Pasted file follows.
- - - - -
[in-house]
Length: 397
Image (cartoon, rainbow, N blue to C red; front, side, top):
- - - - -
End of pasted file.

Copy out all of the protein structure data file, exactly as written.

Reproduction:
[in-house]
Length: 397
Image (cartoon, rainbow, N blue to C red; front, side, top):